FWIW I printed a target to use when checking the iron sights on an M1 Garand, on a 25 yard range, the concept was simular to yours but the range graduations were inverted. POA stayed the same, POI hopefully changed with increased elevation on the rear sight.

On your scope, is that 60 MOA adjustable or fixed?
*
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Old June 19, 2019, 07:47 PM   #3
stagpanther
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Quote:
On your scope, is that 60 MOA adjustable or fixed?
Here's the skinny on the scope: https://www.leupold.com/scopes/rifle...hd-7-35x56-moa The 60 MOA impact reticle was only recently released.

Quote:
POA stayed the same, POI hopefully changed with increased elevation on the rear sight.
That's more or less the idea behind the tall target test--but the POI changes (and hence slightly the bullet trajectory). Then the measured change in distance relies on careful measurement and calibration of distance to target in order to reduce % error calculation. My method instead results only in adjustment to the scope's settings and reticle aim point used while trying to keep the barrel position relative to the target the same or as little changed as possible. It also does not require precise calibration using multiple measuring techniques of distance to target in order to get an indication of the scope's tracking accuracy--which is instead "revealed" by the precision of the shot group.
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Last edited by stagpanther; June 19, 2019 at 11:58 PM.
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Old June 20, 2019, 02:15 PM   #4
stagpanther
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Just for the heck of it--the overall group size including the flier was just under MOA--but when I broke out the three shots using the 6 MOA offset with hold-over and side hold--that appears to be a pretty good indication of good tracking.



Attached Images
File Type: jpg zero and 6 MOA.jpg (82.3 KB, 230 views)
File Type: jpg 6MOA.jpg (73.7 KB, 232 views)
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Old June 20, 2019, 06:41 PM   #5
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I don't think you've got enough data to confirm or deny anything just yet.
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Old June 20, 2019, 06:48 PM   #6
stagpanther
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Quote:
I don't think you've got enough data to confirm or deny anything just yet.
True--that's why I wanted to try to "lure" other shooters with similar scopes to try it out. ; ) I'm going to try it out with cheaper ammunition next.
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Last edited by stagpanther; June 20, 2019 at 06:58 PM.
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Old June 21, 2019, 08:40 AM   #7
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I'll be switching to my 6 Creedmoor AR build--it has a "middle of the road" prosumer grade FX 1000 ffp scope on it and won't cost as much to test. It also has "hold-under" hash marks on the reticle as well as about a third of it it's 60 available MOA dial down below zero. I still can't figure out to adjust the scope turret so it has an absolute zero stop and uses the entire dial range for up elevation--at least not without resorting to a canted rail.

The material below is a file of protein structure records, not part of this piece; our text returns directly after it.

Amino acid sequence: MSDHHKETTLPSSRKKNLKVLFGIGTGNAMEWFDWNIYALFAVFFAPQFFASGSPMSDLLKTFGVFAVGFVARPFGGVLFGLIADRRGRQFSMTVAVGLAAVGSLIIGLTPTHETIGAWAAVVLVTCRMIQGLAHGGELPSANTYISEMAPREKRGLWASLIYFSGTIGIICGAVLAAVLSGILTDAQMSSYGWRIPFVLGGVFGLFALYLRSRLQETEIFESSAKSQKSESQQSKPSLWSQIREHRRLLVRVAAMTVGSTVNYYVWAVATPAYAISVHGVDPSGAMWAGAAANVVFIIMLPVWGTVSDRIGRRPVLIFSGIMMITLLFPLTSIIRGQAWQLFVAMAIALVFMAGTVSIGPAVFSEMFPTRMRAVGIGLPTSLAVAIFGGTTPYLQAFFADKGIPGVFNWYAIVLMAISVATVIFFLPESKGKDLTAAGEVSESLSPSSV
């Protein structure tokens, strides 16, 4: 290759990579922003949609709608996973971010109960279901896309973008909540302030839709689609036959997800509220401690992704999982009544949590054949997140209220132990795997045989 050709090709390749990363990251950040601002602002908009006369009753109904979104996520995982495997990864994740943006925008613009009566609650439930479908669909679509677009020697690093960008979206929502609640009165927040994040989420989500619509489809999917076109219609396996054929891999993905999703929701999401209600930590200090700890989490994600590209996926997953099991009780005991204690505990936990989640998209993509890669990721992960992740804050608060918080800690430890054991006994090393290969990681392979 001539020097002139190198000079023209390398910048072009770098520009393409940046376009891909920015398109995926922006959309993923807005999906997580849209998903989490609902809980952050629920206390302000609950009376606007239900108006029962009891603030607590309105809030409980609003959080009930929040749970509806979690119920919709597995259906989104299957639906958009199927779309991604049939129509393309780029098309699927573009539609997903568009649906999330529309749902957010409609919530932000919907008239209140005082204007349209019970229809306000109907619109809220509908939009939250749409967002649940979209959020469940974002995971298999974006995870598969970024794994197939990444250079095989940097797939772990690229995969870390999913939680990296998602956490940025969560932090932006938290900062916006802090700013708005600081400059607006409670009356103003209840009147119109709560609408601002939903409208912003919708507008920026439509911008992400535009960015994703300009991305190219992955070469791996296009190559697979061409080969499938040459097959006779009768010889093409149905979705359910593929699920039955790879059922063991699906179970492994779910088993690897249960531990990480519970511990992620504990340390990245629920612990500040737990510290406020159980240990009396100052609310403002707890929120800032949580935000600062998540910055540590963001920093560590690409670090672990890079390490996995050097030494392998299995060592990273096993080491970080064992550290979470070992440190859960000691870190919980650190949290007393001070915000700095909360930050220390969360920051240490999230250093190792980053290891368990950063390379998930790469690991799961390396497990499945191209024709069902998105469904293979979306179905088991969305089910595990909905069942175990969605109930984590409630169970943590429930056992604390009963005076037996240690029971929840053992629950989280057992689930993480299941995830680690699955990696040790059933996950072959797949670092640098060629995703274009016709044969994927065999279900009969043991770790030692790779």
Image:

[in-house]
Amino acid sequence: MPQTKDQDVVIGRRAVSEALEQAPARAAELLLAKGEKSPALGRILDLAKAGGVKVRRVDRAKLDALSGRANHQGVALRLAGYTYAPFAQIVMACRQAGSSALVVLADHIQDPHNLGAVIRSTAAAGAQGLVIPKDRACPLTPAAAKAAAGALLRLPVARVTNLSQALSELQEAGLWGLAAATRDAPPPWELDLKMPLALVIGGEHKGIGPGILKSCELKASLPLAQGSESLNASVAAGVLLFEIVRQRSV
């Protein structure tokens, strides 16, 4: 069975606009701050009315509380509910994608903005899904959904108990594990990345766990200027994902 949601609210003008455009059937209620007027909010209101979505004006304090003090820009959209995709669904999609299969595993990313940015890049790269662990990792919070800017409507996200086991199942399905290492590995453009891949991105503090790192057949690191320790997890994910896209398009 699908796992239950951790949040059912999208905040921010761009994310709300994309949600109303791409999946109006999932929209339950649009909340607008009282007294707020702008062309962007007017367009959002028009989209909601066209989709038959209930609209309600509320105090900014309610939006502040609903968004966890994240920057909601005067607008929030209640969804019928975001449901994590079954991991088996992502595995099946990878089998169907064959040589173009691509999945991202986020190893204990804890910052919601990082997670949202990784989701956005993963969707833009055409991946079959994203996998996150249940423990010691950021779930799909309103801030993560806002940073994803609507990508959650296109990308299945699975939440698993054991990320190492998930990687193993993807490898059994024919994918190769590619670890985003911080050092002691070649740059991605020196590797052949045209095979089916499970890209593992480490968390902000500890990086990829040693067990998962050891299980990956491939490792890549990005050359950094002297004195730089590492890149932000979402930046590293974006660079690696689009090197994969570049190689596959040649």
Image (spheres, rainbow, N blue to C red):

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Old June 22, 2019, 06:39 AM   #8
stagpanther
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115 gr rdf's, Lapua small-primer brass and ramshot magnum. Curious to see how this works out.

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File Type: jpg 6mm-creed-rdf.jpg (208.6 KB, 189 views)
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Old June 22, 2019, 07:46 AM   #9
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115gr???
Did you make a 25 Creed???
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Old June 22, 2019, 07:50 AM   #10
stagpanther
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Quote:
115gr???
Did you make a 25 Creed???
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Nope--it's 243. Theoretically I should be able to balance them with fast enough twist and velocity--my McGowen barrel is 7 twist and I'm running these up as fast as I can--we'll see what happens.
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Old June 22, 2019, 09:08 AM   #11
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Stag,
Try some RL26.
My wife's 243 did great with it & 105gr bullets.
Hornady said they would not stabilize in her barrel, but had no issues out to 600 yards.
I guess if you throw a brick fast enough... Lol
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Old June 22, 2019, 10:01 AM   #12
stagpanther
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Quote:
Stag,
Try some RL26.
My wife's 243 did great with it & 105gr bullets.
Hornady said they would not stabilize in her barrel, but had no issues out to 600 yards.
I guess if you throw a brick fast enough... Lol
the 115 rdf's have some pretty impressive numbers.
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Old June 22, 2019, 01:33 PM   #13
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I just went out and tried a few loads based on ramshot magnum. As my luck would have, despite our forecast of sunny day with less than 10% chance of rain spontaneous thunderheads developed while I was setting up, in between lightning and downbursts I got a few groups off--the 115 rdf's seem to stabilize no problem in my barrel, even at lower charges/velocities. It was way too unstable for me to trust leaving the labradar out, so I'll have to re-test, but so far lookin good.